7.8 Training Is Essential     102

7.9 Source Code Management as a Service     103

7.10 Build Engineering as a Service     103

Conclusion     103

Chapter 8 Hardware Configuration Management     105

Goals of Hardware CM     106

8.1 Why Is Hardware CM Important?     106

8.2 Where Do I Start?     107

8.3 When You Can’t Version Control a Circuit Chip     107

8.3.1 A Configuration Item by Any Other Name     107

8.3.2 Version Control for Design Specifications     108

8.4 Don’t Forget the Interfaces     108

8.5 Understanding Dependencies     108

8.6 Traceability     108

8.7 Deploying Changes to the Firmware     109

8.8 The Future of Hardware CM     109

Conclusion     109

PART III THE PEOPLE SIDE OF CM     111

Chapter 9 Rightsizing Your Processes     113

Goals of Rightsizing Your CM Processes     114

9.1 Why Is Rightsizing Your Processes Important?     115

9.2 Where Do I Start?     115

9.3 Verbose Processes Just Get in the Way     116

9.4 SPINs and Promoting the CMM     117

9.5 Disappearing Verbose Processes     117

9.5.1 Agile Processes Just Work     118

9.5.2 Open Unified Process     118

9.5.3 Getting Lean     119

9.5.4 An Extremely Brief Description That I Hope Motivates You to Take a Closer Look at Lean Software Development     119

9.6 The Danger of Having Too Little Process     120

9.7 Just-in-Time Process Improvement     120

9.8 Don’t Overengineer Your CM     120

9.9 Don’t Forget the Technology     121

9.10 Testing Your Own Processes     121

9.11 Process Consultation     122

9.11.1 Transparency That Is Genuine     122

9.12 Create a Structure for Sustainability     122

Conclusion     123

Chapter 10 Overcoming Resistance to Change     125

Goals of Overcoming Resistance to Change     126

10.1 Why Is Overcoming Resistance to Change Important?     127

10.2 Where Do I Start?     127

10.3 Matching Process to Culture     127

10.4 Mixing Psychology and Computer Programming     129

10.5 Process Improvement from Within     129

10.6 Picking Your Battles     131

10.7 Fostering Teamwork     131

10.8 Why Good Developers Oppose Process Improvement     132

10.9 Procedural Justice     132

10.10 Input from Everyone     132

10.11 Showing Leadership     133

10.12 Process Improvement People May Be the Problem     133

10.13 Combining Process and Technology Training     134

10.14 Listening to the Rhythm     135

10.15 Processes Need to Be Tested     136

10.16 Baby Steps and Process Improvement     136

10.17 Selling Process Improvement     137

10.18 What’s in It for Me?     137

10.19 Process Improvement as a Service     137

10.20 Guerrilla Tactics for Process Improvement     138

Conclusion     139

Chapter 11 Personality and CM: A Psychologist Looks at the Workplace     141

Goals of Understanding Personality: What’s in It for Me?     142

11.1 Personality Primer for CM Professionals     144

11.2 What Do CM Experts Need to Consider in Terms of Personality?     146

11.2.1 Communication Styles     147

11.2.2 Do Men and Women Use and Interpret Language Differently?     147

11.2.3 Effective Consultation     148

11.2.4 Verifying the Message     148

11.2.5 Information Processing Preferences     149

11.2.6 Birth Order at Work     150

11.2.7 Firstborns as Leaders     150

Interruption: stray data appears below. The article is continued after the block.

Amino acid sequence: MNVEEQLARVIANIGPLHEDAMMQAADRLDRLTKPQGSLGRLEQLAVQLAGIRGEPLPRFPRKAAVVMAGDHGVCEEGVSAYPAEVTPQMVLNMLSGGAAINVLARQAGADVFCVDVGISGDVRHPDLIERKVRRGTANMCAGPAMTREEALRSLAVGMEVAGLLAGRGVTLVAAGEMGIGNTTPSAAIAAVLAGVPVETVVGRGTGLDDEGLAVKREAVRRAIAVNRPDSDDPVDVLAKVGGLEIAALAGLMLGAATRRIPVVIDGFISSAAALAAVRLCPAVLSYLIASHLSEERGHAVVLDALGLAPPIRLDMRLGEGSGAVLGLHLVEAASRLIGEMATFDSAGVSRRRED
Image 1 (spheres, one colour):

11.2.8 The Middle-Born Compromiser     151

11.2.9 The Youngest as Initiator     151

11.2.10 The Only Child     151

11.2.11 Being Yourself     152

11.3 Applying Psychology to the Workplace     152

11.3.1 Effective Teamwork Begins at Home     153

11.3.2 Volleyball or Effective Collaboration     153

11.3.3 Embedding Build Engineers and Testers in the Development Team     153

11.3.4 Blackbox Versus Whitebox Versus Graybox     154

11.3.5 Group Dynamics That Can Damage the Organization     154

11.3.6 Where CM and QA Fit In     154

11.4 Family Dynamics!     155

11.4.1 Indecisiveness     155

11.5 Workplace Culture and Personality     156

11.5.1 Personality and Structure     156

11.5.2 We Already Invented All the Good Ideas     157

11.5.3 Loose Cannons Who Don’t Want to Comply      157

11.5.4 Enforcing Process, While Still Keeping the Train Moving     158

11.5.5 Formulas for Success     158

11.5.6 Caveats     159

Conclusion     159

Chapter 12 Learning From Mistakes That I Have Made     161

Goals of Learning from Mistakes     162

12.1 Why Is It Important to Learn from Our Mistakes?     162

12.2 Where Do I Get Started?     162

12.3 Understanding Our Mistakes     163

12.4 The Mistakes I Have Made     163

12.4.1 Missing the Big Picture     163

12.4.2 Writing Release Automation Can Be Challenging .    164

12.4.3 Thinking That a Good Process Will Carry Itself     165

12.4.4 Failing to Gain Consensus     165

12.4.5 Failing to Show Leadership for CM     165

12.4.6 Becoming Part of the Problem     165

12.4.7 Forgetting to Ask for Help     166

12.5 Turning a Mistake into a Lesson Learned     166

12.5.1 Clarifying What I Need to Get the Job Done     166

12.5.2 Getting the Training That I Need     167

12.6 Common Mistakes That I Have Seen Others Make     167

12.6.1 Ivory Tower     167

12.6.2 Failing to Get Technical and Hands-On     167

12.6.3 Not Being Honest and Open     168

Conclusion     168

PART IV COMPLIANCE, STANDARDS, AND FRAMEWORKS     169

Chapter 13 Establishing IT Controls and Compliance     171

Goals of Establishing IT Controls and Compliance     172

13.1 Why Are IT Controls and Compliance Important?     173

13.2 How Do I Get Started?     173

13.3 Understanding IT Controls and Compliance     174

13.3.1 Sarbanes-Oxley Act of 2002     174

13.3.2 Management Assessment of Internal Controls     174

13.3.3 Committee of Sponsoring Organizations     175

13.3.4 Cobit as a Framework for IT Controls     176

13.3.5 What Does It Mean to Attest to And Report on the Assessment Made by the Management?     176

13.3.6 Health Insurance Portability and Accountability Act of 1996     177